Courtesy of TOWER HEIST
Originally intended as “Ocean’s Eleven” with an all-black cast, then changed into a standard heist comedy once actor Ben Stiller got involved, “Tower Heist” has seen its share of controversy.
When Universal announced that it would be available for on-demand viewing only three weeks after being released in theaters, some cinema chains such as Cinemark and Emagine Theaters boycotted the movie for exhibition.
While Universal backed down under pressure, this movie is certainly not cause for controversy as it is a generic heist comedy directed by a generic director Brett Ratner (“Rush Hour” series, “X3: The Last Stand”).
Josh Kovacs (Stiller) is the building manager at the Tower, a fancy Columbus Circle apartment complex owned by billionaire Arthur Shaw (Alan Alda, essentially doing a Bernie Madoff impression).
When the FBI indicts Shaw in a Ponzi scheme, Kovacs learns that Shaw swiped the pension plans of all the complex’s employees, including Kovacs himself.
Determined to get back the $20 million that Shaw has hidden in his safe, Kovacs assembles some of the employees, as well as a thief from his neighborhood, Slide (Eddie Murphy), to break in and steal the money.
With big name actors like Casey Affleck, Matthew Broderick and Gabourey Sidibe teaming up alongside Stiller, it might be expected that they could rise above the generic script and be funny.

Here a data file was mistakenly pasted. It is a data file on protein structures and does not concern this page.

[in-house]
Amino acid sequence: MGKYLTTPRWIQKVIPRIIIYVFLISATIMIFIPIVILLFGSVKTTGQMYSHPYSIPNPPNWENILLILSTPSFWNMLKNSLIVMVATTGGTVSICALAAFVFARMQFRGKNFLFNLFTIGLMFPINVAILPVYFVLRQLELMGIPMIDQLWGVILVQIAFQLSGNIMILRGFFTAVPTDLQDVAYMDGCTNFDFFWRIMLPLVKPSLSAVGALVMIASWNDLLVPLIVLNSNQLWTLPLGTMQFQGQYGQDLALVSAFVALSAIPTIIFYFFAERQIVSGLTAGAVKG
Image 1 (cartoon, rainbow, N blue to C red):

Unfortunately, their roles fit into boring, unappealing archetypes: the anxious concierge (Affleck), the Yale-educated investor forced to live on the streets (Broderick) and the Jamaican lockpick, complete with an accent (Sidibe.)
The film surprisingly feels mean-spirited, and the one time it tries to inject heart by having Kovacs help Lester, the Tower’s retired doorman (Stephen Henderson, “Law and Order”), it falls flat on its face.
If there’s any small triumph on the film’s part, it is the return of Murphy into the type of comedic role that he was famous for in “Coming to America” and the “Beverly Hills Cop” movies, instead of the family-friendly dreck like “Meet Dave” or tasteless pieces such as “Norbit.” As a professional thief, Murphy’s banter and dialogue between him and Stiller is snappy and hilarious.
Yet even Murphy can’t save this bore of a film as the actual heist itself is surprisingly boring and predictable in execution. “Tower Heist” is an average film, even with Murphy possibly making a comeback.